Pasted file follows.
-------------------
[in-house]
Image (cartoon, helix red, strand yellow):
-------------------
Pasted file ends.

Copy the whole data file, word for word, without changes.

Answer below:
[in-house]
Image (cartoon, helix red, strand yellow):